Losing Faith


If you ask around the Miami Dolphins fan site circles, our message board (which you can join here), and anyone else who knows me, they will tell you that I am a very big supporter of Jeff Ireland and Tony Sparano.  I have always defended their actions on the field and off.  Players they hit on and missed on.  I also believe/d that Bill Parcells had more to do with the way this team has performed than any of the coaches and that his presence hindered the team more than it helped it.

Parcells still uses the old style of play vs. prototype on the field and in 2010’s NFL that doesn’t work anymore.  Proof is squarely sitting in Miami.

Many fans believed that Parcells left the team because he didn’t like Henne or he saw what was coming and wanted to bail so he wouldn’t have his name attached.  But truth be told, it always will be attached to this group of management team and coaches.  He hired them and if he saw that they were failing, then he should have done something about it.  Instead, he took the money and ran.  Either way, he failed.

This however is not about losing faith in Bill Parcells, he’s gone and he was done a long time ago.  This is about losing faith in Tony Sparano and perhaps even Jeff Ireland.

Last nights game showcased a ton of injuries on the offensive side of the ball.  From Long’s shoulder to Henne’s knee and then the loss of Cory Proctor and Brandon Marshall.  But make no mistake about it, this team was not prepared for last nights game before those two went down with injury.  In fact, the putrid smell that emulated from the grass field became apparent in the first quarter when you realized how unprepared this team really was.

Yes, I get it, they had two days to prep an inexperienced QB to run the offense.  Yet Thigpen hadn’t taken snaps with the first team unit since way back in training camp and that was only once or twice.  That is a coaching mistake.  Coaches need to prepare for what happens next and having a viable number 3 QB on your roster that is not involved with the way the offense is being run, sets you up to fail when what happened last week actually does happen.

In the scramble to get your number three QB in line to start, you game plan around his inexperience.  In other words, you run the ball and try and control some momentum and help your QB adjust to the speed on the field, the flow of your play calling.  Instead, the Dolphins ran the ball 8 times and one was on an end around.  What does that mean?  It means the coaches let Thigpen throw the ball and that takes timing, reads of the defense, and blocking from your offensive line.  The coaches failed.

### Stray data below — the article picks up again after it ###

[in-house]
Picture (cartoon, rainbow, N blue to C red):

This season the Dolphins have had one of the worst offenses in the league. Conservative, boring, and unfortunately stalling.  Last night, they needed a conservative game plan.  One that put the ball into the hands of your best players, Ronnie Brown, Ricky Williams, and Brandon Marshall.  Instead, they simply went to the air and forced Thigpen to make decisions.  Oddly enough, last nights game plan said more about the way these coaches feel about Chad Henne than anything else.  Thigpen was given the opportunity to throw whereas Henne is controlled.

Again, the coaches failed.

All of this comes on the shoulders of Tony Sparano.  The players like his no-nonsense style of coaching.  He is stern and fair.  Still, it’s becoming increasingly obvious that Sparano needs to make immediate changes to the way this team is being coached.  From decisions such as punting to Devin Hester, from Dan Henning calling any play at all, and then a strong look in the mirror for him to realize that if he wants this to be his team then he needs to stop fist pumping FG’s and start ripping asses instead.  Last night was an embarrassment and for the first time in my life, I am glad I didn’t go to the game.

It’s hard to say whether Tony Sparano has lost control of this team or not.  Injuries alone may save his job at the end of the year if it was ever on the line at all.  My concern is that this team will simply do enough to keep the coach instead of doing better to show he belongs or worse that he loses his job.  It sets the team up for failure next year if they simply do enough to save it.

I’m not saying Sparano should be fired.  I like the coach.  In fact he is my favorite since Don Shula.  But this team is a mess and what is on the field performing is a result of game planning and coaching and that all falls on the shoulders of Tony Sparano.

There are some names this year that are open to a return to the NFL.  Bill Cowher, Jon Gruden, and Brian Billick to name three.  But Ross has to be ready to part ways with a Bill Parcells guy and possibly Jeff Ireland as well if he plans to land someone like Cowher.  In any case, last night didn’t secure anyone’s job, but it did put a lot faith in this regime squarely in the toilet.  You can’t help but wonder if it’s time for yet another overhaul.